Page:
Before I became a True Color Expert, I thought that a natural stone slab such as granite was the only Be-All-and-End-All choice for kitchen countertops. I have owned white granite slab countertops in my own kitchen, and travertine slab countertops in my bath for seven years.
Here is what nobody else will tell you: seam placement is a very big deal.
Make sure you discuss seam placement with your contractor or fabricator. This goes for any natural slab stone. When “someone” brought in my (supposed to be) gorgeous travertine marble tub surround in four (yes, four) pieces to puzzle them together, I would have died. I would have died, except that the workmen
providentially accidentally dropped the whole thing in my driveway and the entire mess cracked to bits. I did not realize that a marble tub surround meant one thing to “someone”, and another thing to me. That a marble tub surround wasn’t necessarily a solid marble tub surround. I envisioned one solid surface surround, no seams other than for the backsplash. The “someone” didn’t even consider that an option due to my oversized whirlpool tub. After all, it is much cheaper to piece a surround together with a separate piece on each side. After asking several friends for referrals, I finally found a fabricator who could make the surround out of a single piece. So much prettier not to have those seams!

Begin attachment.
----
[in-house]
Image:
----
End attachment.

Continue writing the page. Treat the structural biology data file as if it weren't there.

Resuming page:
In my new kitchen, the same “someone” brought the granite slab for my kitchen island in two pieces. Who does that? Who would want their granite kitchen island in two pieces joined together with caulking right down the center? I stood my ground and out it went, though I am sure it cost a pretty penny to make that happen. Don’t be caught unaware like I was. Discuss this up front.
Know that the “industry standard” which is considered ‘good enough,’ may not be good enough for you. Ask, ask, ask, what you are getting. A big slab of marble or granite is not very easy to send back.
Do I love my white granite? Not enough to use again. Do I love the travertine? Ah, it’s pinky-beige! A big no-no as I found out in True Colour Expert training with Maria Killam. And, who else but me will tell you that travertine forms pits over the years? Soft use, a few pits. Heavy use, huge pits.
Maria, a trend expert as well, offered another material as her favorite. Next time, I will go with her preference of using an engineered solid quartz product such as Caesarstone, probably with a subtle marble-veining look. And, without the dilemma of seam placement, pitting, chipping or heavy maintenance.